You may have heard of the terms “common law contract”, “modern award”, “EBA”, “collective agreement”, “enterprise agreement”, “National Employment Standards” to name a few. You may have also heard of Fair Work Commission, the Fair Work Ombudsman and industrial relations commissions as well as the Federal Court, Federal Circuit Court and state courts. It’s all very confusing.
When faced with an employment law issue, it is helpful to know about the structures of employment law in Australia and where your issue fits in.
B. Statute law and common law
The starting point is to know that there are two basic types of law; statute law and common law. Statute law is the law which parliaments create in the form of legislation and regulations. Common law is that body of rules created over the years by judges which are generally followed by courts in similar situations (this is called the “doctrine of precedent”). Generally speaking, parliament is supreme and can pass any laws within its power. It is up to courts to apply and interpret any ambiguities in legislation when necessary. To give an example, the legal claim that is made when someone is physically injured in an accident is a common law claim of negligence. Negligence as a separate legal concept has only been recognised since the English decision of Donoghue v. Stevenson in 1932. Whilst negligence is a common law creation, statutes now significantly regulate the detail of such claims, eg the time limit to bring a claim, procedures to be followed and limits on certain types of monetary damages. Employment law operates in a similar way in so far as the basic employment relationship involves a common law contract which has been regulated by statute.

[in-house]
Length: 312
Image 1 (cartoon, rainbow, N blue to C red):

There is a hierarchy of legal rules and documents which may affect your situation:
Legislative minimum rights
Modern awards/enterprise agreements
Common law contracts
Implied employment terms
C. Legislative minimum rights
Certain minimum rights and entitlements have been created by parliament to protect all employees, eg the right to annual leave. There is no common law right to annual leave. For private sector employees, these rights and entitlements are contained in the National Employment Standards which are part of the Fair Work Act 2009. Examples of NES are the right to annual leave, personal leave, compassionate leave and parental leave. These standards apply to all employees regardless of income or position.
The Fair Work Act creates other rights which may be relevant including the right to belong or not to belong to a union, to take lawful industrial action and protection from discrimination.
In addition, federal and state legislation provide remedies for unfair dismissal and dismissal in breach of workplace rights and there are minimum requirements for notice of termination of employment under legislation.
D. Modern awards/enterprise agreements
Below legislative minimum rights sit industry or occupation specific rules which are given legal force by legislation. These rules provide more detailed protections and regulation of specific industries and occupations. They are contained in modern industrial awards and enterprise agreements. An example of a modern award is the Clerks – Private Sector Award which contains specific rules about clerical occupations such as overtime, wage rates and hours of work.